By Timothy Dillon
Photo by Taro Taylor.
We’ve all seen them. They strut down the street like proud roosters, likely clad in Lulu Lemon or other equally revealing skin tight exercise apparel. Their foam bricks protruding from their large sack purses. Their yoga mat tightly rolled and clinging to their back. They are the yoga people, and if you have lived on the outside of this world, looking in, you might think they are a part of some special club — dare we say, a cult.
The idea that yoga is a cult is not exactly original. There are the yogis and spiritual leaders who guide the meditations and stretches. There are volumes of terminologies exclusive to the various disciplines within yoga. All not to mention the students, who each have so much to say about how yoga has changed their life and benefited them in so many ways. As a yoga rookie, a 58-year-old male who asked to have his name withheld for this article, was in disbelief by the improvements to his golf swing.
“I like the breathing the most, but I can’t tell you how much my range of motion in my shoulder has improved because of doing yoga,” he tells BTR.
Two years ago, our middle-aged yoga student had surgery to fix a weak shoulder from several dislocations. He had come back to physical activity slowly, but his recovery began to accelerate after starting yoga. While this is something he is happy to talk about, he is not thrilled with his brothers in law (his golf buddies) catching wind of his secret to success. He is afraid they would assume he is some sort of “hippie” now. While he does own some pretty swishy pants, he does not consider himself an aspiring Yogi.
Such is a common misconception about yoga practice. Not everyone who does yoga is seeking to become a master of a type of yoga. Before venturing into how one becomes a master at any yoga form, there are many “types” of yoga that are practiced in the west yet there are three main branches of yoga practiced in America.
There is Ashtanga, Iyengar, and Viniyoga, all of which have numerous variations and disciplines depending on the teachers. From newly dubbed, ‘flow yogas’ focusing on stabilizing muscles and movement to the meticulous routine of Bikram, there is something for everyone.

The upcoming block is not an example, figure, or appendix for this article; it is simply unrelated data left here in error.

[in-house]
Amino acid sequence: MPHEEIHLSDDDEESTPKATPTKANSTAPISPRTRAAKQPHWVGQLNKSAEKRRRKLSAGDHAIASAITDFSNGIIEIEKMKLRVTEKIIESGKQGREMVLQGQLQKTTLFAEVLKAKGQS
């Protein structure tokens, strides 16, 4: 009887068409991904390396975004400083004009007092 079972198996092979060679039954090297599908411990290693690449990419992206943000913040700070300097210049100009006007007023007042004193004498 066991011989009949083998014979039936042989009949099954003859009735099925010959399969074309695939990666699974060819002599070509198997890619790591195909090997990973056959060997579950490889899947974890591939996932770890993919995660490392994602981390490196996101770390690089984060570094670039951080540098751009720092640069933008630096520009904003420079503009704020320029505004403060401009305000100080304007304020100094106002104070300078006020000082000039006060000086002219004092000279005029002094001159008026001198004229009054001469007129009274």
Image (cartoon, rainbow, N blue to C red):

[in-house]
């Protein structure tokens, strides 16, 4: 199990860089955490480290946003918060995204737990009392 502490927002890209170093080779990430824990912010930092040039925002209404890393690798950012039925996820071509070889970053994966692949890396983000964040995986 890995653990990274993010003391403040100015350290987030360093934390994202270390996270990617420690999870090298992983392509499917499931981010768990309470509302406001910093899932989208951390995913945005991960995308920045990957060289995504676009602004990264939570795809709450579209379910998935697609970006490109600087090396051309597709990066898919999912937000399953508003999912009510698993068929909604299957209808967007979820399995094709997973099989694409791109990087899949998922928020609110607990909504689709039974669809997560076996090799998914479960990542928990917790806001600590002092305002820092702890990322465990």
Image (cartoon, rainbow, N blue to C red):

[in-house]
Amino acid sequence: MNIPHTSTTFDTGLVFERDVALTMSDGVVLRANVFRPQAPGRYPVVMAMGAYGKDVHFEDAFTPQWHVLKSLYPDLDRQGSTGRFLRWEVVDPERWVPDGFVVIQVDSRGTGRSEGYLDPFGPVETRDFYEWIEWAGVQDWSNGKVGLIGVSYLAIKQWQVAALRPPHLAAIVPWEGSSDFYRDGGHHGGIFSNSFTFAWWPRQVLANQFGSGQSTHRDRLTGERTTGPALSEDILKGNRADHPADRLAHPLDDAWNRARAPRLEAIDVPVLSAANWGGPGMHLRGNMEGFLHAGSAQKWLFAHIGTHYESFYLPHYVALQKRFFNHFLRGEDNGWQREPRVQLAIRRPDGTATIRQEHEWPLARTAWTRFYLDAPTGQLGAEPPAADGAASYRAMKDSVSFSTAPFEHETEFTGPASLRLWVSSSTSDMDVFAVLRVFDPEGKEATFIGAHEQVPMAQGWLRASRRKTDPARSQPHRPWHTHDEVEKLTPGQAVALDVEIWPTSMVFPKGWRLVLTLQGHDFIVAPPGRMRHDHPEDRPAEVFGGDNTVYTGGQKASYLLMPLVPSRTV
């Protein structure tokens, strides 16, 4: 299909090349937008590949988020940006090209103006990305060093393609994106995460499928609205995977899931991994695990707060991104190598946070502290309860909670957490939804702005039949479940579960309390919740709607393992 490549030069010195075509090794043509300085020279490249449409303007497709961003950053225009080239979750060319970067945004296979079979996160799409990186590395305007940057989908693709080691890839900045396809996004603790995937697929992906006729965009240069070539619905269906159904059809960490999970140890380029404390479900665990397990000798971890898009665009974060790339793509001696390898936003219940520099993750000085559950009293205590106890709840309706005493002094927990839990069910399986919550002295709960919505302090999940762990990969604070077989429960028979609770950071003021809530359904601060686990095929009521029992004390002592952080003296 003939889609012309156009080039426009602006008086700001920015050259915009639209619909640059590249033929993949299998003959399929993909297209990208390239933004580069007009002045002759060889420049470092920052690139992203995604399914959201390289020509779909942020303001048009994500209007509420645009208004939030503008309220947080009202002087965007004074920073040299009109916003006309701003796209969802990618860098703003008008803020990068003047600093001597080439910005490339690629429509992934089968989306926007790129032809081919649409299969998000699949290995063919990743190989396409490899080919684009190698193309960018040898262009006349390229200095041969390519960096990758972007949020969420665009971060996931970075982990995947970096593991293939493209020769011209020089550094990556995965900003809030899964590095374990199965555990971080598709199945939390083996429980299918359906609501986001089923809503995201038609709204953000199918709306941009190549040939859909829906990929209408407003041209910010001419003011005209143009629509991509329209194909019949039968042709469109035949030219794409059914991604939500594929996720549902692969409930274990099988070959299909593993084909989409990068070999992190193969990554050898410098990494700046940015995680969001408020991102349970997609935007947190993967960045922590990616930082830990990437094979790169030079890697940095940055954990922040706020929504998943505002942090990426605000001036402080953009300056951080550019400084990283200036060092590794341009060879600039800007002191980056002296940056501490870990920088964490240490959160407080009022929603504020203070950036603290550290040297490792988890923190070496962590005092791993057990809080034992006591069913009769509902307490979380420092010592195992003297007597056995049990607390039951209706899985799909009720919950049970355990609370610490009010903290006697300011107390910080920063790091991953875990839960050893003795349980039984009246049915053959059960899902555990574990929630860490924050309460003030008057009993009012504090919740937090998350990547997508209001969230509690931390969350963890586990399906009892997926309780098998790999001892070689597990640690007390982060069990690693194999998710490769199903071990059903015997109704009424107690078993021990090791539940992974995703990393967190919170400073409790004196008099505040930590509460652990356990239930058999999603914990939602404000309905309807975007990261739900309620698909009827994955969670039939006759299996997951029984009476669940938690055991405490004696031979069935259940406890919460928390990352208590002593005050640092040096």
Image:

All of these styles have their own practice routines and more importantly, their own set of students to sing their praises. So how is yoga, a spiritual and physical practice in all of its forms, not a cult when so many aspects of it makes it a perfect candidate.
“People who say that don’t know what a cult is,” says Amy DeFilippi, a yoga instructor and therapist with over 15 years experience. “A cult has a charismatic leader who is trying to get people to believe certain things about the world. Yoga doesn’t do that, it’s a spiritual and practical exercise,” DeFilippi explains.
The definition of a cult is relatively broad, usually identifying a leader, a strict code or doctrines, and while it does not require the consumption of Kool-Aid, it does require some surrender of the personal identity to the group itself.
Some of the best known cults involved spiritual and bodily practices though, like the Aum Shinrikyo cult, which actually began as a yoga and meditation class. This cult is most notable for a Sarin gas attack in the Tokyo subways system.
But fear not, those yoga mats you see being toted around your neighborhood are just mats, and nothing else. They aren’t even particularly religious in nature.
Yoga, as DeFilippi describes it, does not require you to believe in Eastern traditions of religions. It only requires a presence of mind on the moment and the practice.
“It’s about pointing out the beginning middle and end of everything we do,” she says. “I say that everyday. Our breath has the inhale the pause and the exhale, and its looking to [the breathe] that makes this a practice and not some sort of cult.”
However, DeFilippi does give some credence to the notion that Bikram Yoga, a hot version of 26 specific stretching poses done in an exact sequence, is a cult. Really, she more readily associates that with a yogi exploiting western capitalism.
Bikram Choudhury, the founder of this intensely heated yoga style, was one of the first Yogi’s to trademark his name and copyright his sequence in order to profit from it no matter where it is practiced.
“It’s because he’ll sue you. When I was first teaching in Hawaii there was a studio that was doing a hot yoga. They didn’t call it Bikram, because they wanted to be able to throw in different poses and try to change it up to suit that days practice. But Bikram Choudhury sued them,” DeFilippi tells BTR.
Participation in yoga has steadily increased since its introduction to the west and with its commercialization through companies like Lululemon, we now have a whole generation that feel comfortable in second spandex skin. So what may seem like a cult is just a fitness craze with a cult like following. Hardly something worth worrying about.